A Non-Profit Startup: Why A Lawyer Is A Must

Starting a company or an organization is not an easy feat, no matter what its type or size may be. When starting an organization, owners and decision-makers must be completely aware of the steps they must follow, the professionals who will be involved, and the need for hiring a competent lawyer who will make sure that all transactions that the organization is involved in are smooth, legal and legitimate.

Although the steps to create a non-profit startup are quite similar to that of any other startup or business entity. Owners of such organizations are required to do some additional research and data mining to ensure that things run smoothly.

There are many reasons why an individual would want to create a non-profit startup, all of which may or may not depend upon the immediate circumstances of the individual. For instance, the person may want to change or remedy a particular problem that his or her society is facing at large. The person may also believe in a particular (but not directly related) cause and might want to start a new entity or organization whose purpose is not to create a revenue stream for the owner.

While the idea itself is noble, the process of creating and successfully running a startup involves several difficult issues. And while it is easy to create a non-profit startup, making sure that the startup actually survives beyond the stage of creation is difficult and complicated at best. It is then up to the owner to decide whether he or she is truly committed to making the non-profit startup run successfully, and understand that the time and energy required in doing so may involve certain sacrifices on their part. The owner must also understand the importance of discovering sponsors and investors and communicating with them, as it is these relationships which will help make the non-profit startup up-and-running.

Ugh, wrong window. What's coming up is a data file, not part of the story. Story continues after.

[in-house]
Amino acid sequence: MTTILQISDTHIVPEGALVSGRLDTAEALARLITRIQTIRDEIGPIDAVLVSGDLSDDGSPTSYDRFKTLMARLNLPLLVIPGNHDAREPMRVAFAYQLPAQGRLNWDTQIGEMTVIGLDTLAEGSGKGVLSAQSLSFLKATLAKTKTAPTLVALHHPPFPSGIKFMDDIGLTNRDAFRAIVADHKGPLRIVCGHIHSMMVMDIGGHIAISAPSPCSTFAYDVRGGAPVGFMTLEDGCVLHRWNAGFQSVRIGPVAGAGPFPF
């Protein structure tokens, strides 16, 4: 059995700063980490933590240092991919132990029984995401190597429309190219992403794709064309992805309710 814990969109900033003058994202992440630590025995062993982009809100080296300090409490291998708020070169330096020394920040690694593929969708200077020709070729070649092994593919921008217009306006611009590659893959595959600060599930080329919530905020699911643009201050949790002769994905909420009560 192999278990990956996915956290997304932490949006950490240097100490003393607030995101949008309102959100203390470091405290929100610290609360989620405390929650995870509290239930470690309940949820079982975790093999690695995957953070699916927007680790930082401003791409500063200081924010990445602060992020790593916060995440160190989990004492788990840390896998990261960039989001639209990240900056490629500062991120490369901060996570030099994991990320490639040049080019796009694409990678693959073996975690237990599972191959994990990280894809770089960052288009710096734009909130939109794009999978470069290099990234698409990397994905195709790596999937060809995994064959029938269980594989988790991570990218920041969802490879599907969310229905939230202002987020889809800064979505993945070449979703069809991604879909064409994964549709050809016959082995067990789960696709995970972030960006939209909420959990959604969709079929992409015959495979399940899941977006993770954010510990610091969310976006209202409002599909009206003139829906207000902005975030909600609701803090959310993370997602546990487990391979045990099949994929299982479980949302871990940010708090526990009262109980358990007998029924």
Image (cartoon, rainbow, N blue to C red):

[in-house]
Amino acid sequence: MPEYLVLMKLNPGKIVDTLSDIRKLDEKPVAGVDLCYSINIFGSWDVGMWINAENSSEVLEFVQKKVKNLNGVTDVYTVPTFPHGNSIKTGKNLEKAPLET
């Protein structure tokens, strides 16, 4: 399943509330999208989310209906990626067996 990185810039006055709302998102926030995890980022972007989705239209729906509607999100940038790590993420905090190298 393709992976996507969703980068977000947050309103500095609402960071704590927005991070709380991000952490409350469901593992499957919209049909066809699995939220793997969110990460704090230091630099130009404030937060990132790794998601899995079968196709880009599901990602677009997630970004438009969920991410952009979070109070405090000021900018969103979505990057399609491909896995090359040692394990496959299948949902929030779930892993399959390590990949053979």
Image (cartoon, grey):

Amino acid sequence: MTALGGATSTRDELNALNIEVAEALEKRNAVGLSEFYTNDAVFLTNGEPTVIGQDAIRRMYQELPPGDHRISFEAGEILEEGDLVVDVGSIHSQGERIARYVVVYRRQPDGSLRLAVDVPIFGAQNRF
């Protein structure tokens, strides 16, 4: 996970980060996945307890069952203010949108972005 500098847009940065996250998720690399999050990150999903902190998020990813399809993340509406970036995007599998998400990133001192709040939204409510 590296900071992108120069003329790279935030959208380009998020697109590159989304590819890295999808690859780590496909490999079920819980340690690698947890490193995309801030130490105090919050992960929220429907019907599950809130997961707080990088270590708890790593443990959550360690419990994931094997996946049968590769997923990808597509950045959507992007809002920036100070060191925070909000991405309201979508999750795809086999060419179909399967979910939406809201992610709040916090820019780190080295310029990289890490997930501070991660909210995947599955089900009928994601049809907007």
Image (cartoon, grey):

In order to successfully create a non-profit, the owner(s) must make sure that proper paperwork has been submitted to the Internal Revenue Service within 60 days of the establishment of the organization. The owner must also see to it that the organization is classified on the basis of the service it provides to the community (i.e. if it propagates social welfare, is a charitable service, offers spiritual and religious services, etc). In order to get classified, the aims of the non-profit must be put on paper and legitimized by a competent lawyer who is hired to help create and run the non-profit. Once the initial IRS documentation is approved, the organization will be awarded its tax-exempt status and will be allowed to proceed legally with its mentioned goals.

What are the processes that need completion?

Thanks to the internet and advancement in technology, those looking forward to creating a non-profit startup now have an advantage in the form of “checklists” that list the various items required. These checklists are available online and can easily be downloaded.